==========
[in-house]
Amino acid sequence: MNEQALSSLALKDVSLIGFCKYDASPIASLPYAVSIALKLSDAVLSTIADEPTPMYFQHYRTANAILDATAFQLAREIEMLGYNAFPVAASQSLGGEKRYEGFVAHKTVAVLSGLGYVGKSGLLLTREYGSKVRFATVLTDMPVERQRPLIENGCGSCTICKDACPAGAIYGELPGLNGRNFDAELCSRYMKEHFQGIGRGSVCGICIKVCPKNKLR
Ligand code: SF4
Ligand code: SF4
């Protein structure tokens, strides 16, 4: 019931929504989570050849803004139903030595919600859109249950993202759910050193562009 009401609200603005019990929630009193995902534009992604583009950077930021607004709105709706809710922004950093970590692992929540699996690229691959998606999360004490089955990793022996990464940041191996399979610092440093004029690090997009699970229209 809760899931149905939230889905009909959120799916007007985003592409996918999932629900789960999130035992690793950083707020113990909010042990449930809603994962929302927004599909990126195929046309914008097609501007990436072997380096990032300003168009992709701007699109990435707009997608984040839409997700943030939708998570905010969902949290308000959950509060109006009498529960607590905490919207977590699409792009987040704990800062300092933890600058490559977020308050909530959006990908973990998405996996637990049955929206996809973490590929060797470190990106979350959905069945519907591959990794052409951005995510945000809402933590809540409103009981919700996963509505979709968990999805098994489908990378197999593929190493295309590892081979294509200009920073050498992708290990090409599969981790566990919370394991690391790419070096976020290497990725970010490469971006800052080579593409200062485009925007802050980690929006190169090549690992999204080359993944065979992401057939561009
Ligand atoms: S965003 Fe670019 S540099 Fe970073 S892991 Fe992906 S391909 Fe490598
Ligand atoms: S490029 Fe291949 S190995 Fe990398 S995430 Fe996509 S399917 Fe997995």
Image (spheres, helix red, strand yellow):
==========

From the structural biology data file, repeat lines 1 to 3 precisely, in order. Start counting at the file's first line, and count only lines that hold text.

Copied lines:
[in-house]
Amino acid sequence: MNEQALSSLALKDVSLIGFCKYDASPIASLPYAVSIALKLSDAVLSTIADEPTPMYFQHYRTANAILDATAFQLAREIEMLGYNAFPVAASQSLGGEKRYEGFVAHKTVAVLSGLGYVGKSGLLLTREYGSKVRFATVLTDMPVERQRPLIENGCGSCTICKDACPAGAIYGELPGLNGRNFDAELCSRYMKEHFQGIGRGSVCGICIKVCPKNKLR
Ligand code: SF4